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WKYT Investigates: Food stamps ending up in wrong hands

LEXINGTON, Ky. (WKYT) - For David and Shelley Campbell, times are tough.

"It's terrible to have to to live like this," David Campbell said. "It's embarrassing to have to draw food stamps. I've never had to live like this. I've always worked."

Campbell was a plumber for 20 years. Back problems stopped him from working and making money.

His wife is trying to pick up the slack by working three jobs. But they are still coming up short each month. "I've never had such hardship before," Shelley said.

The Campbells are one of thousands in Kentucky who get monthly money from food stamps or SNAP, the Supplemental Nutrition Assistance Program.

But it's growing more popular to take advantage of the federally funded program.

Mohammad Ryyal and his brother were arrested just last month after Lexington police say they were buying Electronic Benefit Cards for half their worth, then keeping the cards to purchase items for their convenience stores.

It was a similar story came earlier this year when Lexington police arrested the owner of the Barter House on Loudon Avenue.

So WKYT pulled records from the Cabinet for Health and Family Services to see how many fraud cases they've handled just in the past year. The settlement numbers in twelve months time came out to more than four million dollars in food stamp fraud cases.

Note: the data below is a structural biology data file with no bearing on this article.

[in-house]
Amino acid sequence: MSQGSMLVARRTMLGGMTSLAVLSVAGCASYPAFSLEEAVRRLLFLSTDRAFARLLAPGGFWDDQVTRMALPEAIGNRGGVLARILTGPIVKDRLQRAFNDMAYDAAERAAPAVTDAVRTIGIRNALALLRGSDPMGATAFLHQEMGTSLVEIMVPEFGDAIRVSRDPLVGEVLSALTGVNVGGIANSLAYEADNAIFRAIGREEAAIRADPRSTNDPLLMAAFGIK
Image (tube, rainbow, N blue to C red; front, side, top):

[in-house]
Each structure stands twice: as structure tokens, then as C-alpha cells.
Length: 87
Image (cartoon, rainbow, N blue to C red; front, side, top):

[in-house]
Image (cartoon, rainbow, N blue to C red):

WKYT reached out to the cabinet to explain the numbers. A spokesperson for the cabinet says, "Though not an overwhelming problem here, fraud is taken very seriously. Of the claims we're currently collecting, 25 percent were agency caused (not fraud), 50 percent were inadvertent household errors (not fraud), and 25 percent were a mix of intentional program violations or suspected program violations."

"Every dollar that is spent on these programs is a critical dollar," said Robert Benvenuti who is a current lexington lawmaker and former inspector general for the Cabinet for Health and Family Services. He policed food stamp fraud from 2004 to 2007.

"It's very important to police for waste, fraud and abuse. But it's also very difficult and there are systemic issues that certainly go well beyond the last year," Benvenuti said.

Benvenuti pointed to the 50 percent inadvertent household errors quoted by the cabinet. He says typically that would mean there were errors made by the people applying for the benefits -- whether an honest mistake or intentional.

"It often times becomes difficult to distinguish between what an inadvertent error and what's intentional misconduct in defrauding the program." He says that leaves a large number of 50 percent to cover multiple meanings.

"The most efficient type of policing is to properly manage the program where few dollars are getting out inappropriately because once those dollars get out, it becomes very difficult to chase those dollars and bring them back to the taxpayer," Benvenuti said.


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